• Weight: In addition to cutting out processed, high-caloric foods and sugary drinks, eat healthier (dark leafy greens, brown rice, lean meats, nuts, blueberries, olive oil) and eat less. You don’t need to count calories. Just cut the amount of food you would normally eat by roughly half. Make sure you eat small meals throughout the day — every two to three hours –to keep your blood sugar level steady. (Check out the healthy eating plan in The Best of Everything After 50).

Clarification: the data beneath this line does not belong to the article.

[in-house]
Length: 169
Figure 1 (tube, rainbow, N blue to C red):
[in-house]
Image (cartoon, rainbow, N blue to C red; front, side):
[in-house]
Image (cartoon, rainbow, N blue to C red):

• Fitness: To help expedite the weight loss and build strength, stamina and fitness levels for the long term, simply move your body 50% more than you have been. If you normally walk for 30 minutes a day, starting walking for 45 minutes, then eventually build up to an hour. If you’ve been doing 10 push-ups every day, start doing 15, and keep going until you get to 20. If you’re starting a fitness program for the first time, begin with “baby steps” (i.e., walk for 15 minutes a day, then build up to 30 and so on). It’s all about being successful as soon as you start. aThis will keep you going, and will make it easier to jump up to the next level. And remember this golden rule about exercise: Every step you take is one step closer to better health.